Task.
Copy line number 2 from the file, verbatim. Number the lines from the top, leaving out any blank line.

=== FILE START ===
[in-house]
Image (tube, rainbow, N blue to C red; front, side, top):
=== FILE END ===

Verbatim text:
Image (tube, rainbow, N blue to C red; front, side, top):